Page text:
# Complexity Explorer Santa Few Institute ## Introduction to Information Theory

• Measuring Information: Bits
• Using Bits to Count and Label
• Physical Forms of Information
• Fundamental Formula of Information
• Computation and Logic: Information Processing
• Mutual Information
• Communication Capacity in a Noisy Channel
• Shannon's Coding Theorem
• Homework Solutions

#### 7.1 Communication Capacity in a Noisy Channel » Quiz

Question A:

The probability that the original result is heads is 1/2 .  The probability that an error occurs during transmission is 1/8, meaning that the probability of an error not occurring is 1 - 1/8 = 7/8.

Thus, the probability that Alice’s coin lands on heads and that this gets transmitted and received correctly by Bob is 1/2 * 7/8 = 7/16.

Question B:

Let X indicate the original result (either heads or tails), and Y the result received by Bob.  We use xh and xt to indicate the “heads” and “tails” outcomes of X, and similarly for yh and yt for Y.

To compute the joint information, we must first enumerate the four possible joint outcomes of XY and their probabilities. In the answer to the last question, we already computed the probability that Alice’s coin landed on heads and was transmitted correctly, so that Bob received heads:
P(xh, yh) = 1/2 * 7/8 = 7/16
The same reasoning holds also for the probability of Alice’s coin landing on tails and Bob receiving tails,
P(xt, yt) = 1/2 * 7/8 = 7/16
To account for the two possibilities in which corruption happens, i.e., Alice’s coin lands on heads but Bob receives tails, or Alice’s coin lands on tails but Bob receives heads, we have to multiply the probability of a coin landing on heads/tails by 1/8 (the probability that an error occurs):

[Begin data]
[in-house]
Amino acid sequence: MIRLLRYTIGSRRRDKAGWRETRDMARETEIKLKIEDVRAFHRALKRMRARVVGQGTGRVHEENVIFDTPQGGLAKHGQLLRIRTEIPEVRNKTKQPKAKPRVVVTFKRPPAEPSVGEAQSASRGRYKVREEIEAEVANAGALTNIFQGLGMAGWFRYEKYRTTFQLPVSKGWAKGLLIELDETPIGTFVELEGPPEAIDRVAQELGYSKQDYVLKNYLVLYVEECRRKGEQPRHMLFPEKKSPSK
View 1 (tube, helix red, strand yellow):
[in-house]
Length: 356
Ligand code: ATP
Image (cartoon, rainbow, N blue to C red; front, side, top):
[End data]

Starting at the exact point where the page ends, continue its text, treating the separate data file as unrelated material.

P(xh, yt) = 1/2 * 1/8 = 1/16
P(xt, yh) = 1/2 * 1/8 = 1/16

We now use the Fundamental Formula to compute the joint information:
I(XY)= -P(x, yh) log2 P(x , yh) -P(x, yt) log2 P(xh,yt) -P(x, yh) log2 P(xt , yh) -P(x, yt) log2 P(x, yt

≈ 1.54

Question 3

We compute the conditional information of the original result X, given the result by Bob Y, by using the following formula, I(X|Y) = I(XY) - I(Y).

In the previous question, we computed the joint information I(XY) ≈ 1.54.

Let us now compute I(Y) the marginal information in Bob’s received message. Using the rule of marginalization, and the joint probabilities we computed in the answer to the last question, we can write
P(yh) = P(xh, yh) + P(xt, yh) = 1/2 * 7/8 + 1/2 * 1/8 = 1/2
P(yt) = P(xh, yt) + P(xt, yt) = 1/2 * 1/8 + 1/2 * 7/8 = 1/2

It is easy to see that since both outcomes are equally likely, I(Y) = 1 bit.

Plugging this into the formula for conditional information gives
I(X|Y) = I(XY) - I(Y) = 1.54 - 1 = 0.54 bits.

Question 4:

We can find the mutual information between Alice and Bob by using the following formula,
I(X:Y) =  I(X) + I(Y) - I(XY)

We know that Alice throws a fair coin, so I(X) = 1 bit.  Then, using the answer to previous questions, we also know that I(Y) = 1 bit and I(XY)≈ 1.54. Combining, we get
I(X:Y) =  1 + 1 - 1.54 = 0.46 bits.